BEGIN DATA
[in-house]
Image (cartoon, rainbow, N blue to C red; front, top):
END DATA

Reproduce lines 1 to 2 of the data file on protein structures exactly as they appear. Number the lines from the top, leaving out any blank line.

[in-house]
Image (cartoon, rainbow, N blue to C red; front, top):